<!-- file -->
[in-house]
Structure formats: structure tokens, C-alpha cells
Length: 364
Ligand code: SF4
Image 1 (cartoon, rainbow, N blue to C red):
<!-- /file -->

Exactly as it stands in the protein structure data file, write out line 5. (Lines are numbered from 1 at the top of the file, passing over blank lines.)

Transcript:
Image 1 (cartoon, rainbow, N blue to C red):